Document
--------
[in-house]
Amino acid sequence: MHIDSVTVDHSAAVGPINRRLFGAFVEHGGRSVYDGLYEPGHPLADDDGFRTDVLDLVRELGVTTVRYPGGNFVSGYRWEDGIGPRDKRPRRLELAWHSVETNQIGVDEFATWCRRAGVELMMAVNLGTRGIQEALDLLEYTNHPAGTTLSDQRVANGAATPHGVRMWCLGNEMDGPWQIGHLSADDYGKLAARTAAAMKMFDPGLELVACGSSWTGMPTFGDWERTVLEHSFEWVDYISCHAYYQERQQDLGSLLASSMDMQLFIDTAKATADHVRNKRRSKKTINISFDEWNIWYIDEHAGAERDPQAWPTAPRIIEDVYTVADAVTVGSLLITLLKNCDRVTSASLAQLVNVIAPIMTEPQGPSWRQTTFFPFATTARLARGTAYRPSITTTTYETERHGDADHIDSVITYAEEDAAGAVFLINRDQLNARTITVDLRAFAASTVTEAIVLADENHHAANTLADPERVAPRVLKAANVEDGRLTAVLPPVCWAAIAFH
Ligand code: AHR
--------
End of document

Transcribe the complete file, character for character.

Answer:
[in-house]
Amino acid sequence: MHIDSVTVDHSAAVGPINRRLFGAFVEHGGRSVYDGLYEPGHPLADDDGFRTDVLDLVRELGVTTVRYPGGNFVSGYRWEDGIGPRDKRPRRLELAWHSVETNQIGVDEFATWCRRAGVELMMAVNLGTRGIQEALDLLEYTNHPAGTTLSDQRVANGAATPHGVRMWCLGNEMDGPWQIGHLSADDYGKLAARTAAAMKMFDPGLELVACGSSWTGMPTFGDWERTVLEHSFEWVDYISCHAYYQERQQDLGSLLASSMDMQLFIDTAKATADHVRNKRRSKKTINISFDEWNIWYIDEHAGAERDPQAWPTAPRIIEDVYTVADAVTVGSLLITLLKNCDRVTSASLAQLVNVIAPIMTEPQGPSWRQTTFFPFATTARLARGTAYRPSITTTTYETERHGDADHIDSVITYAEEDAAGAVFLINRDQLNARTITVDLRAFAASTVTEAIVLADENHHAANTLADPERVAPRVLKAANVEDGRLTAVLPPVCWAAIAFH
Ligand code: AHR